Afrobarometer Round 4: The Quality of Democracy and Governance in 20 African Countries, 2008-2009 (ICPSR 33701)

Published: Sep 13, 2012

Principal Investigator(s):
Michael Bratton, Michigan State University; E. Gyimah-Boadi, Ghana Center for Democratic Development; Robert Mattes, University of Cape Town


Version V1

The Afrobarometer project was designed to assess attitudes toward democracy, governance, economic reform, quality of life, and civil society in several Sub-Saharan African nations, and to track the evolution of such attitudes in those nations over time. This particular survey was concerned with the attitudes and opinions of the citizens of 20 countries: Benin, Botswana, Burkina Faso, Cape Verde, Ghana, Kenya, Lesotho, Liberia, Madagascar, Malawi, Mali, Mozambique, Namibia, Nigeria, Senegal, South Africa, Tanzania, Uganda, Zambia, and Zimbabwe. Respondents in a face-to-face interview were asked to rate their presidents and the presidents' administration's overall performance, to state the most important issues facing their nation, and to evaluate the effectiveness of certain continental and international institutions. Opinions were gathered on the role of the government in improving the economy, whether corruption existed in local and national government, whether government officials were responsive to problems of the general population, and whether local government officials, the police, the courts, the overall criminal justice system, the media, the National Electoral Commission, and the government broadcasting service could be trusted. Respondents were polled on their knowledge of the government, including the identification of government officials, their level of personal involvement in political, governmental, and community affairs, their participation in national elections, the inclusiveness of the government, and the identification of causes of conflict and resources which may aid in the resolution of conflict. Economic questions addressed the past, present, and future of the country's and the respondent's economic condition, and whether great income disparities were fair. Societal questions were asked of respondents concerning the meaning of being "poor" and "rich", monetary support systems, personal responsibility for success or failure, characteristics used in self-identification, methods for securing food, water, schooling, medical services, news and information, the ease of obtaining assistance for certain services, and whether problems existed with school and the local public clinic or hospital. Background variables include age, gender, ethnicity, education, religious affiliation and participation, political party affiliation, language spoken most at home, whether the respondent was the head of household, current and past employment status, whether a close friend or relative had died from AIDS, language used in interview, and type of physical disability, if any. In addition, demographic information pertaining to the interviewer is provided, as well as their response to the interview and their observations of the respondent's attitude during the interview and of the interview environment.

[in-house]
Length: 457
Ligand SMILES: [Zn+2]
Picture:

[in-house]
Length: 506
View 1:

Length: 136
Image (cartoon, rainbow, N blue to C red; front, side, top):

Bratton, Michael, Gyimah-Boadi, E., and Mattes, Robert. Afrobarometer Round 4: The Quality of Democracy and Governance in 20 African Countries, 2008-2009. Ann Arbor, MI: Inter-university Consortium for Political and Social Research [distributor], 2012-09-13.

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United States Agency for International Development

Danish International Development Agency

Canadian International Development Agency

Department for International Development (United Kingdom)

Swedish International Development Cooperation Agency


2008-01 -- 2008-12

2008-01 -- 2008-12

Additional information about the Afrobarometer Survey can be found at the Afrobarometer Web site.

Some open-end responses (for variables Q41A1, Q41B1, and Q88e) in the data file are only available in a non-English language specific to that country (e.g., French, Portuguese, etc.).

The codebook and the setup files for this collection contain characters with diacritical marks used in many African languages.

The sample is designed as a representative cross-section of all citizens of voting age in a given country. The goal is to give every adult citizen an equal and known chance of selection for interview. This objective was reached by (a) strictly applying random selection methods at every stage of sampling, and by (b) applying sampling with probability proportionate to population size wherever possible. A randomly selected sample of 1,200 cases allows inferences to national adult populations with a margin of sampling error of no more than plus or minus 2.8 percent with a confidence level of 95 percent. If the sample size is increased to 2,400, the margin of sampling error shrinks to plus or minus 2 percent.


All adult citizens of voting age residing in 20 African nations.


survey data

face-to-face interview

80 percent



2012-09-13 Updated the study to be consistent with standards of the Round 4 Afrobarometer datasets.

2012-04-13 ICPSR data undergo a confidentiality review and are altered when necessary to limit the risk of disclosure. ICPSR also routinely creates ready-to-go data files along with setups in the major statistical software formats as well as standard codebooks to accompany the data. In addition to these procedures, ICPSR performed the following processing steps for this data collection:

  • Created online analysis version with question text.
  • Checked for undocumented or out-of-range codes.

Please review the ICPSR codebook for information with regard to weighting.


  • Data in this collection are available only to users at ICPSR member institutions.

  • The citation of this study may have changed due to the new version control system that has been implemented.
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